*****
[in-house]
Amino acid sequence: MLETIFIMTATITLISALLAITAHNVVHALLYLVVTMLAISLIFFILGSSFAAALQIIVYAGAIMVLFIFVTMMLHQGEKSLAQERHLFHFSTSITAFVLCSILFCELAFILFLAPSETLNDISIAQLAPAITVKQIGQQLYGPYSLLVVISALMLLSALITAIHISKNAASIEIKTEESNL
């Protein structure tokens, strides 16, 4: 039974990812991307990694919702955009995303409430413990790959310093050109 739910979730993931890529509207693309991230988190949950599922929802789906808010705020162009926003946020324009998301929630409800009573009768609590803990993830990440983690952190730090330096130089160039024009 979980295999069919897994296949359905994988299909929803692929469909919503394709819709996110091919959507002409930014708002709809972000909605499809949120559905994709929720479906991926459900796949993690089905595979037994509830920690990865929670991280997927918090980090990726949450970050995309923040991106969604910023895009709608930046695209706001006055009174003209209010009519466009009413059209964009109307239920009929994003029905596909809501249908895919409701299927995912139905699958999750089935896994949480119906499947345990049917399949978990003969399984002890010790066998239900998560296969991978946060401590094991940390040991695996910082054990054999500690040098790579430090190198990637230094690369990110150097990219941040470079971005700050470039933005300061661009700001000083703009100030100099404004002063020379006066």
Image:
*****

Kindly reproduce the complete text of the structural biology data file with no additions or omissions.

[in-house]
Amino acid sequence: MLETIFIMTATITLISALLAITAHNVVHALLYLVVTMLAISLIFFILGSSFAAALQIIVYAGAIMVLFIFVTMMLHQGEKSLAQERHLFHFSTSITAFVLCSILFCELAFILFLAPSETLNDISIAQLAPAITVKQIGQQLYGPYSLLVVISALMLLSALITAIHISKNAASIEIKTEESNL
């Protein structure tokens, strides 16, 4: 039974990812991307990694919702955009995303409430413990790959310093050109 739910979730993931890529509207693309991230988190949950599922929802789906808010705020162009926003946020324009998301929630409800009573009768609590803990993830990440983690952190730090330096130089160039024009 979980295999069919897994296949359905994988299909929803692929469909919503394709819709996110091919959507002409930014708002709809972000909605499809949120559905994709929720479906991926459900796949993690089905595979037994509830920690990865929670991280997927918090980090990726949450970050995309923040991106969604910023895009709608930046695209706001006055009174003209209010009519466009009413059209964009109307239920009929994003029905596909809501249908895919409701299927995912139905699958999750089935896994949480119906499947345990049917399949978990003969399984002890010790066998239900998560296969991978946060401590094991940390040991695996910082054990054999500690040098790579430090190198990637230094690369990110150097990219941040470079971005700050470039933005300061661009700001000083703009100030100099404004002063020379006066």
Image: